The annual report into Global Construction Disputes by EC Harris draws a number of interesting and, potentially surprising, conclusions.
In the UK, the amounts disputed and the time taken to resolve construction disputes have both increased; however, the UK compares well to other jurisdictions and is actually the quickest forum for concluding resolutions. The United States took the longest to resolve disputes at an average of 14.4 months, whereas UK disputes lasted only 8.7 months on average (although this compares unfavourably to 6.75 months a year ago).
It is likely that the UK’s relatively speedy dispute resolution statistics are the result of a number of contributory factors, such as:
- The success of adjudication, as a fast and effective dispute resolution process;
- The relatively high quality, efficient service provided by the Technology and Construction Court (TCC);
- Pro-active party to party dispute resolution;
There is growing evidence that adjudication is increasingly being shunned by construction professionals, possibly due to the propensity for inconsistent and questionable results and some decisions taking much longer than the statutory 28 days. The recently introduced Construction Act, which allows disputes based on oral contracts to be referred (and also contains a number of other changes to the adjudication process), may lead to an increase in the number of disputes being referred to adjudication.
The TCC continues to enjoy a reputation (when compared with the remainder of the UK court system) for disposing of disputes effectively and quickly. The successful costs pilot (which has recently been rolled out nationwide) has further increased respect for the TCC and affords the court a much enhanced role in controlling and managing claims and, in particular, legal costs. Unfortunately, the TCC is not entirely immune from the difficulties currently affecting the civil justice system and has apparently been under threat due to a shortage of judges. In order to address this problem, steps are being taken to reduce the number of cases heard by the London TCC, which is likely to have a negative effect on the time taken to resolve construction claims in the UK. In addition, there is evidence of a growing trend for litigation; which may be driven to further increases by the continued availability of conditional fee agreementsand after the event insurance costs recoveries until April 2013.
Party to party negotiation was the most favoured method of dispute resolution, closely followed by mediation. This is perhaps unsurprising, given that these processes do not involve the sort of significant expenses associated with adjudication, arbitration or litigation. Parties would, however, be well advised to exercise caution in regard to these processes; in order to ensure they are not exploited as an unsophisticated mechanism to increase margins and recover losses on unprofitable contracts.
Arbitration has fallen in popularity but remains the third most favoured method, followed by adjudication, with litigation bringing up the rear.
What are the most common causes of Construction disputes?
The report found that a failure to properly administer contracts was the most common cause of disputes, followed by conflicting party interests, unrealistic risk transfer from employers to contractors, changes imposed by the employer and ambiguously worded contracts.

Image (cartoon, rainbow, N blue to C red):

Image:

What should be done to seek to avoid / minimise the potential for disputes?
Parties to construction contracts should seek to dedicate greater efforts and resources into contract selection and understanding. Standard form contracts, such as NEC3 and the JCT suite, should be chosen for their suitability to particular projects, rather than (as is sometimes the case) trying to shape the project around the selected contract.
All standard form contracts can and should be amended in order to tailor them to specific requirements and parties should always ensure that any such amendments serve a genuine and beneficial purpose; and that they understand precisely what that purpose is.
There can sometimes be disengagement between parties and legal advisors in the selection of standard form contracts and the drafting of bespoke agreements; simply leaving it to the lawyers to decide what is, and is not, included. This often leads to unnecessarily complex and poorly understood contracts, which are subsequently overlooked or ignored during the day to day administration of the project; only to be dusted off when the parties eventually fall into dispute. It can also create unfairly biased agreements, which disproportionately favour one party over the other. The disadvantage to the unfavoured is obvious; however, the advantage to the other party may only be short lived; as it is in the interests of neither to force the other into oblivion.
Insolvency rates among construction companies continue to be consistently higher than other industry sectors, and increasing numbers of large employers within the construction industry are now recognising the significant benefits to project delivery of close working relationships, good faith and genuine collaboration between parties. It is to be hoped that such an approach will become industry standard; and that alternatives to formal dispute resolution will continue to increase in popularity and success. In order to further this goal; lawyers must be challenging to provide construction companies with consistently sound, accessible and cost effective advice.
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